Kyril Plaskon is author of Silent Heroes of the Cold War Declassified (Stephens Press 2008) and a long-time reporter for tv, radio and print from Alaska to Chile. He began life with a dual urban-rural identity. Hailing from the mountainous rural region bordering Mexico and making daily journeys to the urban barrios of San Diego. He learned Spanish and helped start an adventure program for kids in inner city schools.
Ever since he was given the choice of what to do, he chose enterprise journalism and has been exposing abuses of power for the past 20 years. For college, he escaped the mild climate of San Diego and dove into the arctic Alaskan wilderness. He lived in a 300 square-foot cabin heated by wood that he chopped in the lonely silence of white snow and fog near a sough bordered by tall dark pines.
When it came time to choose a college internship, he shocked his professors by jumping on a plane bound for Chile where he eventually work for United Press International. He also worked for the Chilean government press office where he translated quotes sent by U.S. spies that was used to identify and conduct surveillance of persons within Chile. On that same trip, he traveled a bit and got lost for three days with only a raw potato and a power bar near a massive volcano. When he returned to that small cabin in the Alaska snow, he wrote his first book: The Last Rite.
The life of an aspiring writer is slow and painful. He enjoys painting and gardening to take his mind off the constant keys. But this is what he has always done and always wanted to do. The world of journalism has been a struggle for Kyril D. Plaskon, at times earning as little as $11,000 a year. To supplement his income he has cleaned toilets, worked in construction, renovated old houses, ran rickshaws, served food and worked as a tow truck driver. But before the age of 40 he has won some prestigious awards and has volumes of investigative articles penned for small weekly papers to international broadcast news networks.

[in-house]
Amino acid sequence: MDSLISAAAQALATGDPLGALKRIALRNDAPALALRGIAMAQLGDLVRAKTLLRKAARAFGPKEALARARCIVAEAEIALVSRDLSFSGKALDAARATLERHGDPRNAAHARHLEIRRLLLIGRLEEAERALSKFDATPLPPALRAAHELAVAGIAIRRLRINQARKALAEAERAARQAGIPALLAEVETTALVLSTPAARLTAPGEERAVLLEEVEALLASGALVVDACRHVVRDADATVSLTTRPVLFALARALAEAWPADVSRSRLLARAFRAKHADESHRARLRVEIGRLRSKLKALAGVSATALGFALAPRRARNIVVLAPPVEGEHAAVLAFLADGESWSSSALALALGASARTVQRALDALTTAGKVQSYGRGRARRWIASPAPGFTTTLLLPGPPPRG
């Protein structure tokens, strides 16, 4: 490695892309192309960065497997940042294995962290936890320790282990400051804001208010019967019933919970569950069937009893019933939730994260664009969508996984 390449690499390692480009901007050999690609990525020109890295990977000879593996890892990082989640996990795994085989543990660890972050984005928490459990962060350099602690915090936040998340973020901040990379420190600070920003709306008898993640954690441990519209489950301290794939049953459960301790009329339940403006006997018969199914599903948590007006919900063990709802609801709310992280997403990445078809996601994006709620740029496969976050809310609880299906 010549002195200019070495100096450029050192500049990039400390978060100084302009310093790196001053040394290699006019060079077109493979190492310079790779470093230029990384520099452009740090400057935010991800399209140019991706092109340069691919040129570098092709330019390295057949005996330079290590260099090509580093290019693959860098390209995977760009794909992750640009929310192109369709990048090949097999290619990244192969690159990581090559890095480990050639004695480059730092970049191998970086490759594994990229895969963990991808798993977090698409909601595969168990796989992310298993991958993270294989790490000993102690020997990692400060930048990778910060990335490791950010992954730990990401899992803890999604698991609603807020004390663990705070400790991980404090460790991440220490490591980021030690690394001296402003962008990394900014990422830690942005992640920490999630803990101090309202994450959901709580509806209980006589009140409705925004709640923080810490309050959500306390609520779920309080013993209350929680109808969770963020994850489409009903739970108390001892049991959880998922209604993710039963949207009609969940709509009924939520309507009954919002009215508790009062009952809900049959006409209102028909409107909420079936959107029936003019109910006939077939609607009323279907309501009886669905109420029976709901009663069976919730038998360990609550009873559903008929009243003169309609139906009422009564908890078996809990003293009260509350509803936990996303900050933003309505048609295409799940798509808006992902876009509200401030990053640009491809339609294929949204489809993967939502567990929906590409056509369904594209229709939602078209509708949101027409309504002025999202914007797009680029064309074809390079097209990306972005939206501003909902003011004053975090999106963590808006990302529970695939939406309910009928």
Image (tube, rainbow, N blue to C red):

Kyril Plaskon's journalism career took a new turn in 2005 when he tracked down the story of an obscure plane crash on a mountain outside of Las Vegas that turned out to be the greatest loss of life in the U2 project and was kept secret for nearly 40 years. After 3 years of research and weekend writing while working full time in TV news, he had the fascinating non-fiction account of CIA secrecy that changed the course of the Cold War and military flights. It is also a unique account of the trans-generational impact of war and secrecy on American families. Silent Heroes of the Cold War was published by Stephens Press in 2008.
Other works include Trick Roll, a film noir screenplay exploring a reporters helplessness in one of the biggest company towns in the world, Las Vegas. He wrote that screenplay in just one day. He has many other titles in the works and plans to publish 20-years of written archives.